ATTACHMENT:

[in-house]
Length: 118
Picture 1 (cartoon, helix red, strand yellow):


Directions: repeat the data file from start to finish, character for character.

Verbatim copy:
[in-house]
Length: 118
Picture 1 (cartoon, helix red, strand yellow):